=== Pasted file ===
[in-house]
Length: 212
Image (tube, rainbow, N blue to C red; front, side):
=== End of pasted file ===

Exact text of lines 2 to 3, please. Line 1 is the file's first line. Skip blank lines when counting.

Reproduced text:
Length: 212
Image (tube, rainbow, N blue to C red; front, side):